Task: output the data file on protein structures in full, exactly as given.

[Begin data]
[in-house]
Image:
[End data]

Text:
[in-house]
Image: